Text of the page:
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Employees at Los Alamos National Laboratory and local offices of the National Nuclear Security Administration as well as the Department of Energy are hopeful they will be able to return to work Monday even if there is a government shutdown.
"Everyone is still hopeful that an agreement will be reached to avoid a shutdown," a source familiar with NNSA's and LANL's contingency efforts said Thursday. "It's prudent for everyone, including those at Los Alamos, to prepare for various scenarios. But LANL employees aren't expected to be furloughed on Monday. There is funding available that would keep us operating for some time in the event of a government shutdown." Energy secretary Steven Chu sent an email to all DOE employees that was obtained by the Los Alamos Monitor Thursday regarding the possible shutdown.
Depending on how quickly a new appropriations bill is enacted, some DOE employees could be furloughed and unable to work,” Chu wrote. “However, unlike most other federal agencies, the Department has no-year appropriations. This would allow us to continue operating for a limited time. Therefore, if a new funding bill is not enacted Friday, all DOE Federal employees are still expected to report to work as usual on their next scheduled work day.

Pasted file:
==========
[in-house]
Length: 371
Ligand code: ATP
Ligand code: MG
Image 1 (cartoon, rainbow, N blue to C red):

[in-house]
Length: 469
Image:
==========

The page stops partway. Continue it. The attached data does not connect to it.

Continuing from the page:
"Our contingency planning for the potential funding lapse includes determining which agency functions are excepted from a furlough. Should it become necessary to implement our contingency plans, you will receive formal notice from your manager regarding the designation of your position and furlough status. Again, we want to emphasize that it will not be necessary to furlough any department federal employees early next week as a consequence of the expiration of the current continuing resolution at midnight April 8, 2011.” Money from previous spending measures will allow the department to remain open even if President Barack Obama and congressional Republicans can't get together on a fiscal 2011 spending plan by Friday night, a DOE official told POLITICO.
"DOE has some no-year funds that would allow us to continue operating even if there is a government shutdown," the official told POLITICO, although it's unclear how much they have.
DOE told POLITICO Thursday that the money won't last very long.
"There is a limited amount of time during which none of our programs are affected." But, the official said, "It's not as though nothing is changed; we certainly are impacted."
Bandelier National Monument, meanwhile, is prepared to close Friday at midnight if there is a shutdown, public information officer Rod Torrez said.
"We are still working on a contingency plan for a potential shutdown," Torrez said. "If there are people in the park, they can stay Friday night but they will have to leave Saturday morning and people in the back country will have to hike out as well."
Torrez said all the trails will be closed and the rangers will be on patrol. All national parks in the state will be closed if there is a shutdown, Torrez said.
LAmonitor.com will provide updates to this story as they become available.